Sandra Fluke, women’s health activist and recent graduate of the Georgetown University Law Center. She was famously attacked by Rush Limbaugh and others after voicing support for insurance coverage of contraception. Sandra Fluke spoke Wednesday night at the Democratic National Convention.
Sandra Fluke became famous after Republicans barred her from testifying at a congressional hearing in favor of insurance coverage for contraception. Right-wing talk radio host Rush Limbaugh blasted Fluke on his program, calling her a "slut" and saying she should be required to post sex videos online. The episode prompted President Obama to personally call Fluke to offer words of encouragement. Six months later, Fluke took center stage Wednesday night at the Democratic National Convention with a prime-time address. Fluke joins us to discuss the fight for reproductive rights, her support for Obama’s re-election, and her future plans as a women’s health activist. [includes rush transcript]
This is a rush transcript. Copy may not be in its final form.
AMY GOODMAN: This is Democracy Now!, democracynow.org, "Breaking With Convention: War, Peace and the Presidency," Democracy Now!'s special daily two hours of coverage from the Democratic and Republican National Convention, inside and out. I'm Amy Goodman.
Speakers on the second night of the Democratic National Convention Wednesday included Massachusetts Senate candidate Elizabeth Warren and former President Bill Clinton, who gave the keynote. But the speaker who took center stage at the top of the 10:00 prime-time hour isn’t a politician. She’s a recent law school graduate who became famous when she was insulted by Rush Limbaugh after she attempted to testify at a congressional hearing in favor of insurance coverage for contraception.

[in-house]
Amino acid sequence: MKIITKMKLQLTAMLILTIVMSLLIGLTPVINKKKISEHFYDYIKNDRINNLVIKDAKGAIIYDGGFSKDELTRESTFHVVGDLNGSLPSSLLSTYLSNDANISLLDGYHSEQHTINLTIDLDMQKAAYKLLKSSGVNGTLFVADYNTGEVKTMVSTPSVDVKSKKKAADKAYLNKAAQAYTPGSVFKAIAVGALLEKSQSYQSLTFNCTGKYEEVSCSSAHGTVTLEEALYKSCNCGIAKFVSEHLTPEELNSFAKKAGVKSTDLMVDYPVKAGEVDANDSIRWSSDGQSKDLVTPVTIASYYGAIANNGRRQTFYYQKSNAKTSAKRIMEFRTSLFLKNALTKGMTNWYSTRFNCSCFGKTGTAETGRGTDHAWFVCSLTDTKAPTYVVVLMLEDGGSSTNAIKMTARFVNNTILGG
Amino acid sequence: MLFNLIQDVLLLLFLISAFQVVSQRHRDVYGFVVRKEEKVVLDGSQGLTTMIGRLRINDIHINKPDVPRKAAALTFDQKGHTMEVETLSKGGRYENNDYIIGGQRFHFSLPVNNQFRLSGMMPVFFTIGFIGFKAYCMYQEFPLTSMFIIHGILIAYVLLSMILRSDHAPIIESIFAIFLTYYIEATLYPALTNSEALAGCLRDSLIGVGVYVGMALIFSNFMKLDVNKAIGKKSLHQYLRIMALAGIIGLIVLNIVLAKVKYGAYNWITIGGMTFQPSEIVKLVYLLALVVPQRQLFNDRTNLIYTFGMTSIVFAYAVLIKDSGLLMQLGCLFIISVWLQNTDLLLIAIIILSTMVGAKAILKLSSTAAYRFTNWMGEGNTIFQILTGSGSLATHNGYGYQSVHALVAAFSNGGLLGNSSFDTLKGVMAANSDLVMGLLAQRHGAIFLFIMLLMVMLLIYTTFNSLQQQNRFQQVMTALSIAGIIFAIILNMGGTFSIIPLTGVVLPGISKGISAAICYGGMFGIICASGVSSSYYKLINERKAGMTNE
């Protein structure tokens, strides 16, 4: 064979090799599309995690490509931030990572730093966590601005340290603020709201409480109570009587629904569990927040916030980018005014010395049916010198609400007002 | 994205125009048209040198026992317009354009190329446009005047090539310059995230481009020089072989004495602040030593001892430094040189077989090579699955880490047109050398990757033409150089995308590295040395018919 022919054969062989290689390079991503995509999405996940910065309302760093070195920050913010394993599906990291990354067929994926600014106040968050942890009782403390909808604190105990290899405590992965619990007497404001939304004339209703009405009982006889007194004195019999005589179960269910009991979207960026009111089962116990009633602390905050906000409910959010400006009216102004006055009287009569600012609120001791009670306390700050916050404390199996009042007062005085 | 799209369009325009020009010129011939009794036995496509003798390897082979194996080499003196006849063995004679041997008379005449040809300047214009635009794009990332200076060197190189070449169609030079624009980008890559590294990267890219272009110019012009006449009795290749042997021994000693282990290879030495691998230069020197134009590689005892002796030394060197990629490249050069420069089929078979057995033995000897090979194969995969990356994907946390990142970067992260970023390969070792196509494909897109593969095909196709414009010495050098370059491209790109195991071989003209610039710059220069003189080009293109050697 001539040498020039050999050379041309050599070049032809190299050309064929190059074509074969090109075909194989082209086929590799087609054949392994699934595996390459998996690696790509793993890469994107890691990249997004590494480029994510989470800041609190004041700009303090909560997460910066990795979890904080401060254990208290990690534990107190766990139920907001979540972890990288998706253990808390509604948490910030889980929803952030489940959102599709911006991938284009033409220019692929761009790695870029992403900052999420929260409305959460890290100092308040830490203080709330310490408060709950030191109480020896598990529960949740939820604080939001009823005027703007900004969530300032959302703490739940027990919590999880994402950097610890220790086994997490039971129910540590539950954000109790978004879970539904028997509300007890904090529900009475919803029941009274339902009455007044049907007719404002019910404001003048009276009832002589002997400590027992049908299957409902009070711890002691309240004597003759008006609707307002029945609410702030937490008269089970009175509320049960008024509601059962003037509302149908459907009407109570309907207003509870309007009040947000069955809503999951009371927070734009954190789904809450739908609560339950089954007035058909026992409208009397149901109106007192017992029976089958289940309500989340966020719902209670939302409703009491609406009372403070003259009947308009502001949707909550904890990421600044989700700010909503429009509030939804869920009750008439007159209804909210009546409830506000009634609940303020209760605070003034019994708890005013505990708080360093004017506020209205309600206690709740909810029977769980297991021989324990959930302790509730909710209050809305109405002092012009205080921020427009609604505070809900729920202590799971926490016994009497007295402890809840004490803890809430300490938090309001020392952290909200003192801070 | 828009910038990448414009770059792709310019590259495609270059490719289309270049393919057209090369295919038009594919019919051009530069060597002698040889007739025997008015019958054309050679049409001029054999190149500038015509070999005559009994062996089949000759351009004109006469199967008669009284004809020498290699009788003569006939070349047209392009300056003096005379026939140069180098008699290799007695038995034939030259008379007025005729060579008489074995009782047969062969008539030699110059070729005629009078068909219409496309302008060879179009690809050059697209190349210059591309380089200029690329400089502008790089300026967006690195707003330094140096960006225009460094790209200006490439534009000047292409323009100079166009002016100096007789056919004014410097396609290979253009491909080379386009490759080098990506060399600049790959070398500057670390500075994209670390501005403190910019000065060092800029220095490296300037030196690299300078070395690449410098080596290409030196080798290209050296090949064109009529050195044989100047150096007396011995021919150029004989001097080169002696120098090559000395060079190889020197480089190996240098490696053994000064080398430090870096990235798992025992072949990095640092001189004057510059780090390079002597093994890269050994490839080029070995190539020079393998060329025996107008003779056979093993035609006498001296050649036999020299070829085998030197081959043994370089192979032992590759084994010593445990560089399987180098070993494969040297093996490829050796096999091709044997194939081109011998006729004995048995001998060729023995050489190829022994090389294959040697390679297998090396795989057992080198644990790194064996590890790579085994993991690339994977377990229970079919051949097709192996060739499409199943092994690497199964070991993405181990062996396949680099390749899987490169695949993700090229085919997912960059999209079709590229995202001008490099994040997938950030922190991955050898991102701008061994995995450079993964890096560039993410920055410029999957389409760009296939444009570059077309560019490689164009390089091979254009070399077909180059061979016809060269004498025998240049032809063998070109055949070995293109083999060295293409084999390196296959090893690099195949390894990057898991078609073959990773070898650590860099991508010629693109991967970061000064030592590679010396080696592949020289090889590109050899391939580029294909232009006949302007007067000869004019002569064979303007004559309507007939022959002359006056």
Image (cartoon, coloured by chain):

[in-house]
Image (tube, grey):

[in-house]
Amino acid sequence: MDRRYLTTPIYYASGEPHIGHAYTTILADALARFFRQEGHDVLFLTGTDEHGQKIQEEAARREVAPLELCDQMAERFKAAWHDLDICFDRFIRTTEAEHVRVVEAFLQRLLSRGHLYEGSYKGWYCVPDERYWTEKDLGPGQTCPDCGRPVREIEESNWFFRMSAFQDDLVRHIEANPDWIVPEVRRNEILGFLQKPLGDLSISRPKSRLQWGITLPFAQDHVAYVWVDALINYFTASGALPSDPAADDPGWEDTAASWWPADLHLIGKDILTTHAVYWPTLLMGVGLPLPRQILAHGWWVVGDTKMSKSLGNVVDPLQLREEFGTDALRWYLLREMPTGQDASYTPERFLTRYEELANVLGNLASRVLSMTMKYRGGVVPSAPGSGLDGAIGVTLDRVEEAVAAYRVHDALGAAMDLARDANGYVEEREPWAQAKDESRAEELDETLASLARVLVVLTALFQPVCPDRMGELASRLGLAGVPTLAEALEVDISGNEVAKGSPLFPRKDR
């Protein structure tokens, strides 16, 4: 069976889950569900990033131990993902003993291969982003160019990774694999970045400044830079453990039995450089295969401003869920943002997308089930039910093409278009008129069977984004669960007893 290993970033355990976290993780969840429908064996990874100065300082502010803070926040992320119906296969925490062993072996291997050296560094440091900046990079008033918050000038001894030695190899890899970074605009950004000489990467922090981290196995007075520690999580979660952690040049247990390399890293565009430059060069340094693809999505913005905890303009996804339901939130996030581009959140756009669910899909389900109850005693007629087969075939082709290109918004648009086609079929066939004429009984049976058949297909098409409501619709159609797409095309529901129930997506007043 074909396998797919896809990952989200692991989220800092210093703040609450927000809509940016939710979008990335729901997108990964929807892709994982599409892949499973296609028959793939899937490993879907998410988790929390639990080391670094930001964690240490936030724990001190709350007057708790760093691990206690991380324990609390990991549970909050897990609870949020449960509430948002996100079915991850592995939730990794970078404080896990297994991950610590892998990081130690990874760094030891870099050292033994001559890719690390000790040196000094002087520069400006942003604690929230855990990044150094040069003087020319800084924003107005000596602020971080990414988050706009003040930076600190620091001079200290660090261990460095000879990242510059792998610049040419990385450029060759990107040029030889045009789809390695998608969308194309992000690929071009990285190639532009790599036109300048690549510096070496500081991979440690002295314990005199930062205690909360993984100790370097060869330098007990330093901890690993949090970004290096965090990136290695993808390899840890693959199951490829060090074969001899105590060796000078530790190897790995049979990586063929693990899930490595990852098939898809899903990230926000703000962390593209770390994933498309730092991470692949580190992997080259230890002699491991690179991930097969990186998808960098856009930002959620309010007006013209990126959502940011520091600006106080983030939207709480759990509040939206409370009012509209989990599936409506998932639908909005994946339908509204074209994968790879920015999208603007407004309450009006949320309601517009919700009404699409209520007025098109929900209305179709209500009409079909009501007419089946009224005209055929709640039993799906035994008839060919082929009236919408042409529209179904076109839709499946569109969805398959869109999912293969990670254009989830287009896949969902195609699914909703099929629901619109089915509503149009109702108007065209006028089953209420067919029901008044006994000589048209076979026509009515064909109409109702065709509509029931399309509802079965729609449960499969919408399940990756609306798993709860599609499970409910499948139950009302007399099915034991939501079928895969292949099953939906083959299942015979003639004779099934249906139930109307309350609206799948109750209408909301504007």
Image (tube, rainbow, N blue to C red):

Sandra Fluke was a student at the Georgetown University Law Center back in February, when Republicans barred her from speaking on a House panel about the Obama administration’s birth control mandate. Instead, the panel featured only men. Three Democrats walked out in protest. The next day, Sandra Fluke appeared on Democracy Now!, and she later had a chance to testify before lawmakers.
But she was unexpectedly rocketed to fame six months ago when conservative talk radio host Rush Limbaugh blasted her on his program, calling her a "slut" and saying she should be required to post sex videos of herself online. The episode prompted President Obama to personally call Sandra Fluke to offer words of encouragement. Republican presidential candidate Mitt Romney, meanwhile, issued only mild criticism of Rush Limbaugh’s insult, saying it was, quote, "not the language I would have used," he said.
Sandra Fluke has gone on to become a leading activist for women’s rights. We’ll be joined by Sandra Fluke in just a few minutes. But first, let’s go to excerpts from her speech Wednesday night at the Democratic National Convention.
SANDRA FLUKE: During this campaign, we have heard about two profoundly different futures that could await women in this country and how one of those futures looks like an offensive, obsolete relic of our past. Warnings of that future are not distractions. They are not imagined. That future could become real. In that America, your new president could be a man who stands by when a public figure tries to silence a private citizen with hateful slurs, a man who won’t stand up to those slurs or to any of the extreme bigoted voices in his own party. It would be an America in which you have a new vice president who co-sponsored a bill that would allow pregnant women to die preventable deaths in our emergency rooms, an America in which states humiliate women by forcing us to endure invasive ultrasounds that we don’t want and our doctors say that we don’t need, an America in which access to birth control is controlled by people who will never use it.
We’ve also seen another America that we could choose. In that America, we’d have the right to choose. It’s an America in which no one can charge us more than men for the exact same health insurance; in which no one can deny us affordable access to the cancer screenings that could save our lives; in which we decide when to start our families; an America in which our president, when he hears that a young woman has been verbally attacked, thinks of his daughters, not his delegates or his donors; and in which our president stands with all women, and strangers come together and reach out and lift her up. And then, instead of trying to silence her, you invite me here, and you give me this microphone to amplify our voice. That’s the difference.